Children at Risk: Risk Factors for Low Back Pain in the Elementary School Environment


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Abstract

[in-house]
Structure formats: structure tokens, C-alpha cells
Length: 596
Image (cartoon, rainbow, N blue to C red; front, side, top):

Study Design.A prevalence survey of 101 randomly selected elementary schools in the Israel Central District.Objectives.To identify and describe risk factors for low back pain that exist in the elementary school environment.Summary of Background Data.Recent surveys report a high prevalence of low back pain in children and adolescents that increases with age, with a correlation between low back pain in adolescence and that experienced in adulthood. Environmental risk factors have been associated with the development of low back pain in children. Because of the significant amount of time children spend in their school environment, risk factors need to be identified in this environment.Methods.A questionnaire, completed by school nurses, measured risk factors among 10,000 children in elementary schools in Israel. These included backpack and student weight, the availability of storage facilities, the appropriateness of chair and desk height to student height, seating arrangements during frontal lessons, and physical activity at recess.Results.Between 30% and 54% of students carried >15% of their body weight. Nearly 15% of the first graders and 20% of sixth graders had inappropriate chairs. In 74% of the classes, students sat with their side facing the teacher and in 35% students sat with their backs. In 6% of schools, no physical activity is offered at recess.Conclusions.Shortcomings were found in all areas investigated. There is an urgent need for health promotion programs to increase awareness and reduce risks in the school environment.

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